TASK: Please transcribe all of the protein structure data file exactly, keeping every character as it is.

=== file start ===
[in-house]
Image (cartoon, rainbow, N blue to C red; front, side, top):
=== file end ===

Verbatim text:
[in-house]
Image (cartoon, rainbow, N blue to C red; front, side, top):